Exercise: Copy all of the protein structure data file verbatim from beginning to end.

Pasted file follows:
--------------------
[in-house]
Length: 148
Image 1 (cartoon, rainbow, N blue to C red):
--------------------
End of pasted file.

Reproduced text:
[in-house]
Length: 148
Image 1 (cartoon, rainbow, N blue to C red):